My second SHARE with Schools visit was to Pencoed Comprehensive School. We delivered 2 x ‘Who wants to be a museum curator?’ here and it worked so well with the pupils. I was genuinely surprised at how much some of the children knew about museums and how enthusiastic they were about the idea of creating their own display. I believe this worked well because although the pupils had to create their display and find out about objects, they had free reign in doing so. The results of their work were amazing.

I can honestly say that I did not see anyone not doing what they were supposed to do or messing around in any of the visits. All of the pupils were polite and treated both the objects and the SHARE with Schools volunteers with the utmost respect. They were a credit to their schools.

SHARE with Schools has provided me with a plethora of transferable skills which I can use in the future. The whole SHARE with Schools experience has reassured me that I definitely want to apply for a Secondary Education PGCE in RE, and that it is well worth pursuing a career in teaching. SHARE with Schools has definitely been one of the highlights of my second year, and I can’t wait to see what next year holds!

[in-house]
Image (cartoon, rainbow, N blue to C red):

[QUOTE] I really liked our lesson it was so cool…

quotation-openI really liked our lesson on History and Archaeology it was so cool, I loved the clothes, helmet and the sword they were my favourite. The helmet was so heavy! It is so unbelievable that all of the artefacts are over 2000+ years old! I can’t even imagine what it was like 2000 years ago! I would never want to go back in time. I didn’t realise how interesting Archaeology was! I think you have interested me enough for me to study Archaeology in University/College. We really liked you coming in and sharing all your stuff with us.

~ What pupils tell us

[QUOTE] I found this lesson very enjoyable…

quotation-openI found this lesson very enjoyable and educational, my favourite part was when we got to hold and feel the artefacts. I would’ve liked to see all the artefacts. It made me realise that I want to go to Cardiff University to study history…I really like the students because they were very kind and helpful.

~ What pupils tell us